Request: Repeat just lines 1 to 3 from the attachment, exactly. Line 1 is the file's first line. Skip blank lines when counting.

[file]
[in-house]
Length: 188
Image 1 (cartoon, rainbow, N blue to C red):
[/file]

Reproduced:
[in-house]
Length: 188
Image 1 (cartoon, rainbow, N blue to C red):